“Kelly became Rockingham’s go-to person for translating the data that came out of Unscom into concise reporting.... Kelly had a vested interest in protecting his image, which centred around his exposure of an Iraqi bio-weapons programme that had to continue to exist for him to continue to hold centre stage.”

Michael Meacher:  

I believe it [Rockingham] had a key role in seeking to handle intelligence to provide the 'right' material for its political masters.  (See article below).


Statements from Michael Meacher regarding Operation Rockingham (see Guardian articles below):

'I'm also a believer in the cock-up theory'

Matthew Tempest

The Guardian, July 29, 2004

Michael Meacher courted much controversy with his 'difficult' questions about 9/11 and the war on terror, but, he tells Matthew Tempest, he is absolutely not a conspiracy theorist

......Since writing an article for the Guardian last September, detailing unanswered questions about the events of September 11 2001 and the predetermination of the US to go to war in Iraq, Meacher has faced a torrent of abuse and derision beyond that borne by most mainstream politicians.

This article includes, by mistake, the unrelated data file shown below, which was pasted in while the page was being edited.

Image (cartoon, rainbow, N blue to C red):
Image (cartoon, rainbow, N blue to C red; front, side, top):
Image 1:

The US embassy in London dismissed the article as "monstrously offensive" and Meacher as not being "serious or credible", while many journalists found his arguments unconvincing and even deranged.

Despite this, Meacher is unrepentant about airing his concerns. "That analysis has been confirmed. In the past nine months [his unanswered questions] have proved both logical and correct. I'm not aware of a word that has not been accepted.

"Indeed, some of it has been confirmed - for instance, Paul O'Neill's account of his time serving Bush, where he reveals that Iraq regime change was a priority from day one of the administration."

......More recently, Meacher wrote another high-profile piece in the Guardian demanding to know the truth about Operation Rockingham, an intelligence cell mentioned to the intelligence and security committee by weapons expert Dr David Kelly the day before his death.

Meacher alleged, on the basis of the evidence of former weapons inspector Scott Ritter, that the previously unheard of unit was designed to spread misinformation about Iraqi WMD capabilities.